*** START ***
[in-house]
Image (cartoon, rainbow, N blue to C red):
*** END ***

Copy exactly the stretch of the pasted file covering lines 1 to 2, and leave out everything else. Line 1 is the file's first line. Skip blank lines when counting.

[in-house]
Image (cartoon, rainbow, N blue to C red):